The Kapete AE Landscape Project

Revamping water catchments in Chongwe District

Supported by KATC

In the eastern part of the Chongwe District of Lusaka Province flows the Chongwe river on which the people of the Kapete area depend for their livelihoods. This area consisting of 14 villages, 2 wards, 3 agricultural camps, 4 primary schools and falls under chief Bunda Bunda of the Soli tribe.

The Kapete Landscape Project and communities are supported by the staff of the SKI partner and AEL collaborative member KATC (Kasisi Agricultural Training Center).

Why focusing on this landscape in Chongwe?

The Kapete area is close to Lusaka, the capital of Zambia, and is experiencing a rapid population growth as it is popular with retirees venturing into agriculture. Farming depend on two streams, originating in the Chainama hills, that feed the Chongwe River. Around 1000 households keep cattle and goats and 3000 households depend on irrigated vegetable farming. These streams used to have water at least up to October each year but now most of these water sources are dry by the end of June and water has to be pumped from boreholes which means the water table is being depleted. The dry season is now 8 months long. Contributing to the drying out of the rivers is deforestation as a result of charcoal production. It has become very important to reforest the area and to ensure that the soil and rivers retain water for much longer.

What is the vision of the Kapete AE Landscape Project?

The communities in the Kapete area want to restore their water catchment area.
They thus understand that their priorities are to address the impact of deforestation, charcoal production, overuse of rivers, streams and underground water. They also realise that they have to stop soil erosion and increase soil fertility which will improve the water holding capacity of the soil.

Using agroecological practices to regenerate the landscape is the route they want to follow.
They aim to focus on tree planting, protecting the remaining woodlands and reduce soil erosion. If they can increase diversity and productivity simultaneously they believe they will improve both nutrition and their incomes in the long run.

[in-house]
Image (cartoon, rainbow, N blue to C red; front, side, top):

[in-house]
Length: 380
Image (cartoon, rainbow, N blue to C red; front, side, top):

What is the process towards realising this vision?

The first steps have been to involve the whole community and its leadership and to agree on a plan of action. To get to this point KATC used a participatory community mapping process that helped everyone to agree on what the important issues were and what they need to do to have positive change.

SCOPE Zambia also conducted an ILUD (Integrated Land Use Design) training with the community members, a process that compliments the mapping process by providing a framework for holistic design of the landscape. This was followed up by capacity building trainings in agroecological practices. A priority was the establishment of community tree nurseries to start cultivating the trees that will be needed for reforestation. One of these nurseries are now independently run by the Shimwengwe women’s group. To ensure that the AE practices spread fast they set up learning sites on how to establish wood lots, fodder banks and how to do contouring of sloping areas. Knowledge is also spread through the formation of community study circles, field days and farmer to farmer learning and exchange visits. These activities is motivating for farmers as it recognises their expertise and efforts.

Staff and farmers were trained on documentation skills to ensure that progress in this landscape regeneration project is documented and can be shared with others.

What has been learned so far in the project?

The leadership of headmen and women in this project has been very important in taking the work forward. Involving staff from the Ministry of Agriculture in the trainings and especially the ILUD training has helped facilitate broader buy in from leadership in the area.

A critical realisation by the community has been a recognition that waiting for outsiders to tell them what their problems are and what they should do has not helped them in the past. The community realised that they must stop waiting for outsiders and take responsibility for their problems.

Even though there have been some trainings, follow up trainings and support to the communities is an immediate priority. There is also a need for ongoing dialogues as the issues are complex and the more community members deepen their understanding of the issues and solutions, the more sustainable the work will be.

There has been a focus on actively involving women and youth to take on active roles and this needs to be continued.

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